• The geometric median has a breakdown point of 0.5.[2] That is, up to half of the sample data may be arbitrarily corrupted, and the median of the samples will still provide a robust estimator for the location of the uncorrupted data.

## Special cases

• For 3 (non-collinear) points, if any angle of the triangle formed by those points is 120° or more, then the geometric median is the point making that angle. If all the angles are less than 120°, the geometric median is the point inside the triangle which subtends an angle of 120° to each three pairs of triangle vertices. This is also known as the Fermat point of the triangle formed by the three vertices. (If the three points are collinear then the geometric median is the point between the two other points, as is the case with a one-dimensional median.)
• For 4 coplanar points, if one of the four points is inside the triangle formed by the other three points, then the geometric median is that point. Otherwise, the four points form a convex quadrilateral and the geometric median is the crossing point of the diagonals of the quadrilateral. The geometric median of four coplanar points is the same as the unique Radon point of the four points.

## Computation

Despite the geometric median's being an easy-to-understand concept, computing it poses a challenge. The centroid or center of mass, defined similarly to the geometric median as minimizing the sum of the squares of the distances to each point, can be found by a simple formula — its coordinates are the averages of the coordinates of the points — but no such formula is known for the geometric median, and it has been shown that no explicit formula, nor an exact algorithm involving only arithmetic operations and kth roots can exist in general. Therefore only numerical or symbolic approximations to the solution of this problem are possible under this model of computation.[3]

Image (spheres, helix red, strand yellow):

However, it is straightforward to calculate an approximation to the geometric median using an iterative procedure in which each step produces a more accurate approximation. Procedures of this type can be derived from the fact that the sum of distances to the sample points is a convex function, since the distance to each sample point is convex and the sum of convex functions remains convex. Therefore, procedures that decrease the sum of distances at each step cannot get trapped in a local optimum.

One common approach of this type, called Weiszfeld's algorithm after the work of Endre Weiszfeld,[4] is a form of iteratively re-weighted least squares. This algorithm defines a set of weights that are inversely proportional to the distances from the current estimate to the samples, and creates a new estimate that is the weighted average of the samples according to these weights. That is,